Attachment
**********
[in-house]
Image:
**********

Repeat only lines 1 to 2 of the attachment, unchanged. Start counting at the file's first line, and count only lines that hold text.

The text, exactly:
[in-house]
Image: